“It’s a great opportunity to evaluate, develop, continue to push, but we feel like we’ve strengthened ourselves there,” Del Rio said. “It’s probably the strength of the defense right now.”
That’s a vote of confidence for a group that should be more effective if healthy. Edwards Jr. and Vanderdoes should front the effort, though Ward could be an impact player if he builds off a strong offseason program. Del Rio says Ward was “more decisive,” this spring, a product of being comfortable playing in this system and this league.
Then Ward suffered a setback. He felt a tweak in his foot during OTAs, one that proved serious and required surgery to repair. He spent training camp on the PUP list, and was finally cleared to practice on Monday. Ward doesn’t think the layoff killed offseason momentum. The comfort and confidence hasn’t left.
“Your first year coming here, you’re thinking too much,” Ward said. “Now it’s like ‘okay, I get it now.’ That’s how it is for all rookies. They just have to learn what’s going on, so I feel it. Everything is easier now, it’s my second years now. It’s regular.”
ALAMEDA – Raiders left tackle Donald Penn missed training camp holding out for a new, more lucrative contract. He missed Tuesday’s practice, the first back at the team’s training facility.
His protest began 26 days ago. The regular season is 19 days away.
Penn has worked out with top trainers and private offensive line coaches while away from the team, but still needs time to get back in the flow.
The San Francisco Chronicle reported Monday that Penn is expected back this week. He wasn’t there for the first of three sessions when the Raiders will focus on the third preseason game at Dallas. It’s the last meaningful exhibition, with players down on the depth chart expected to populate the preseason finale versus Seattle.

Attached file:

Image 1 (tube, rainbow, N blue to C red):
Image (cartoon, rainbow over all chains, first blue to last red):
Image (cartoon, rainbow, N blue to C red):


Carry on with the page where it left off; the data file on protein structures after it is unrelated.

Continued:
Penn doesn’t necessarily need to play in a preseason game to prep for the Sept. 10 regular-season opener at Tennessee, but it could help.
Head coach Jack Del Rio wouldn’t address Penn’s status, or whether there’s a deadline for him to report and be ready for the regular season.
The Raiders have managed with Marshall Newhouse on the left and Vadal Alexander on the right. The pair has fared well, though the line will be significantly stronger with Penn back and a Newhouse/Alexander competition on the right.
Raiders general manager Reggie McKenzie made it clear weeks ago that the Raiders wouldn’t talk contract until a player reports. Penn preferred a contract get done before showing up. Weeks were lost to that impasse.
Quarterback Derek Carr hopes it will end soon, and that Penn will come back to the team.
“It would obviously mean a lot, if that’s what he chooses to do,” Carr said. “He’s our teammate. We want all our teammates here. We want to work hard together. We want to be together and joke together. It’s more than just football. We want to be there in his life, with him.
"It would mean a lot. Obviously, I would love it.”